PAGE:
Southern Hemisphere’s 2020 Influenza Vaccines Changed
A World Health Organization (WHO) advisory group recommended exchanging the H3N2 component and one that covers the influenza B Victoria lineage in the Southern Hemisphere's 2020 flu vaccines.
This WHO announcement on September 27, 2019, recommends the following components for next year’s Southern Hemisphere influenza vaccines:
- For H1N1, an A/Brisbane/02/2018-like virus,
- For H3N2, an A/South Australia/34/2019-like virus,
- For B Victoria, a B/Washington/02/2019-like virus,
- For Yamagata, a B/Phuket/3073/2013-like virus.
Additionally, the WHO reported the new H3N2 component is A/South Australia/34/2019, which replaces A/Kansas/14/2017, which was the delayed component for the Northern Hemisphere's 2019-2020 influenza season.
The newly recommended H3N2 strain is also a change from the current Southern Hemisphere’s vaccine, which was A/Switzerland/8060/2017.
Also, the new influenza B Victoria lineage strain is B/Washington/02/2019, replaces the B/Colorado/06/2017.
The group's pick for the 2009 H1N1 strain is the same as this season's Northern Hemisphere vaccine but is different than the one included in the current Southern Hemisphere vaccine, which is A/Michigan/45/2015.
For egg-based trivalent versions that have only one B strain, the WHO experts recommended including the Victoria lineage vaccine virus.
These component changes could mean that what’s in the current Northern Hemisphere vaccine may not be the best match to protect people from the approaching Southern Hemisphere version circulating the globe.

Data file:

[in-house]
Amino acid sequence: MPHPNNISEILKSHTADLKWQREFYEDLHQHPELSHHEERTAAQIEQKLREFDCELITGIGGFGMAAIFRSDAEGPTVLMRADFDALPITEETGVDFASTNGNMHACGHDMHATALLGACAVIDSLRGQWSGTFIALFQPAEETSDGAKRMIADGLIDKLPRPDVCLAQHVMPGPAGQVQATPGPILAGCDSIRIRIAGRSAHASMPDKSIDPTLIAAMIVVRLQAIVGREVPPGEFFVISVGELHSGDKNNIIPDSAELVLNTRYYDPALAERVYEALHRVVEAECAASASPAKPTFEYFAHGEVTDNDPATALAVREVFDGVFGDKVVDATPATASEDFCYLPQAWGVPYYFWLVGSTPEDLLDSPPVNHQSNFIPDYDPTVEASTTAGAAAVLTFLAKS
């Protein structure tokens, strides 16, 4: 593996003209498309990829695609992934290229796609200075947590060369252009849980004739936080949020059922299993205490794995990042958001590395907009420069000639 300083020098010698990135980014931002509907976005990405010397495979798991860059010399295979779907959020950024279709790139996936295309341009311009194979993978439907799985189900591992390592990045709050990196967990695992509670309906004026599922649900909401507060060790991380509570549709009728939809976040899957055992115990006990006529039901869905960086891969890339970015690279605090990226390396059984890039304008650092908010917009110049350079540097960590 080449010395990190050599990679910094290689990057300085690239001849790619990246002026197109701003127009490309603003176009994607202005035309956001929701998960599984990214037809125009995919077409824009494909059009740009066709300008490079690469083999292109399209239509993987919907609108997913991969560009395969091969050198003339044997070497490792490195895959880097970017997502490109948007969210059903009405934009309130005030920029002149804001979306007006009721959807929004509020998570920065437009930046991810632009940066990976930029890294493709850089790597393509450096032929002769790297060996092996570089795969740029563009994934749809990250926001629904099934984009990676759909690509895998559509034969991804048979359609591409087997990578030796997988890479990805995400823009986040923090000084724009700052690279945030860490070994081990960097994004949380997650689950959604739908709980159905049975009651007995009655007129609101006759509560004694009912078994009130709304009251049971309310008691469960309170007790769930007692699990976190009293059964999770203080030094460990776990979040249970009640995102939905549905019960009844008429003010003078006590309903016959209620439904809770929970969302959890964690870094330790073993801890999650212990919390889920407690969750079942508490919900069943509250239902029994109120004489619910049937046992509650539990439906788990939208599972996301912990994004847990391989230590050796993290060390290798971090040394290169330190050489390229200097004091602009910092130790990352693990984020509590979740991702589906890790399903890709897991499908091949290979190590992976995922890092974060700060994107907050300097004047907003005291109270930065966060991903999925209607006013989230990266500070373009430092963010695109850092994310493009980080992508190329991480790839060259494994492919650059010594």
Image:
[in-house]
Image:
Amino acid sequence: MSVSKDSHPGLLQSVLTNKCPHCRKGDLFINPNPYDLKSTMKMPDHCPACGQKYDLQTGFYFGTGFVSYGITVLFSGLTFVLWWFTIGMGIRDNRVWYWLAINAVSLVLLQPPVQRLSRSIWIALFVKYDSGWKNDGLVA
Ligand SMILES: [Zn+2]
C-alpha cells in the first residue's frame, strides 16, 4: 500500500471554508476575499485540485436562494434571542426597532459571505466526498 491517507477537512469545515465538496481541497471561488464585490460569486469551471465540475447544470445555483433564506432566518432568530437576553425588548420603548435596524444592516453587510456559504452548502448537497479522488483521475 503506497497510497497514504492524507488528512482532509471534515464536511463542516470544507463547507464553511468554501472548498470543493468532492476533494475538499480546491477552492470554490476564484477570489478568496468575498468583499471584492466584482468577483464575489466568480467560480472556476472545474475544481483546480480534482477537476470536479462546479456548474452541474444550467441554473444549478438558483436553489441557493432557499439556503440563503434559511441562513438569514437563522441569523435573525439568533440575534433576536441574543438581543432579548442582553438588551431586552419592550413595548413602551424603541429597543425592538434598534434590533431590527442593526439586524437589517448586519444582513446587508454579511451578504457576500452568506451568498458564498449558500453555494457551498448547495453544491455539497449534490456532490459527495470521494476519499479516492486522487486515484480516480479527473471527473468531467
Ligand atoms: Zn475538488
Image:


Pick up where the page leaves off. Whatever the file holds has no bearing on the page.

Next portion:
The complete WHO report is available here.
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The WHO convenes technical consultations in February and September each year to recommend viruses for inclusion in influenza vaccines for the Northern and Southern hemisphere influenza seasons, respectively.
This means a recommendation will be made by the WHO in February 2020 relating to vaccines that will be used for the Northern Hemisphere 2020-2021 influenza season.
Influenza is a contagious respiratory illness caused by influenza viruses, says the CDC.
It can cause mild to severe illness. Serious outcomes of flu infection can result in hospitalization or death. Some people, such as older people, young children, and people with certain health conditions, are at high risk of serious flu complications.
There are two main types of influenza virus: Types A and B. The influenza A and B viruses that routinely spread in people (human influenza viruses) are responsible for seasonal flu epidemics each year.
The best way to prevent flu is by getting vaccinated each year, says the CDC.
Most pharmacies offer various flu shots and antiviral medications that treat influenza.
Influenza Vaccine news is published by Precision Vaccinations